On the heels of the SolarWinds supply chain attacks, organizations are again scrambling to assess the impact of a recently disclosed attack attributed to the Chinese state-sponsored HAFNIUM APT group that targets vulnerabilities in Microsoft Exchange servers with two zero-day exploits. Perhaps it’s time we accept that there’s a war going on, and that this war is being fought on the backs of commercial companies who are targeted by sophisticated, military-grade offensive campaigns.
It was reported that, much like the SolarWinds event, the HAFNIUM attacks likely affected tens of thousands of organizations in both the public and private sectors – including an estimated 30,000 government organizations. In both cases, a wide range of traditional and NextGen security solutions proved ineffective in protecting organizations against the operation.
This most notably includes Microsoft Security, who failed to defend against the HAFNIUM attacks which exploited weaknesses in their own product line. Based on information provided by Microsoft, customers using Microsoft ATP had no protection against the attack against Microsoft Exchange services, and Microsoft hasn’t released any guidance regarding what exactly they intend to do to fix this situation.
Furthermore, Microsoft recently admitted they would not have been aware of the SolarWinds attacks had it not been for a chance observation by an employee at security firm FireEye and subsequent intelligence sharing that brought the attacks to their attention: “Without this transparency, we would likely still be unaware of this campaign,” Microsoft President Brad Smith told Congress in testimony about the SolarWinds attacks in February.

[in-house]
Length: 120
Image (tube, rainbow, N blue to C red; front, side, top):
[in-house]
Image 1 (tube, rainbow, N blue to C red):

This is not the first time Microsoft products have been subject of a vulnerability exploit, and it won’t be the last. Organizations deserve more from the vendors that provide security solutions, especially if those solutions are supposed to protect their own operating systems and other software offerings from attacks.
If Microsoft wants to be a leader in the security space, they should demand more of themselves and so should their customers. Most companies don’t have the luxury of being a massive conglomerate with infinite access to the market like Microsoft. Being a larger player in the business systems space and offering security as an add-on at little-to-no cost by way of licensing bundles (as with the notorious E5 license) demands that security offerings be at least minimally effective – especially in defending their own products and services.
The fact that an attack was conducted by a nation state doesn’t mean the attack was indefensible. It simply means that the adversary is capable and that with the right cybersecurity technology the customer could have been protected. A capable adversary is not an excuse for failing to protect customers at such a massive scale, or to downplay that failure by glorifying the assumed prowess of the attackers. That’s an unacceptable surrender mentality that fails customers, and if that’s Microsoft’s position, they should simply quit the cyber security business and focus on fixing their software.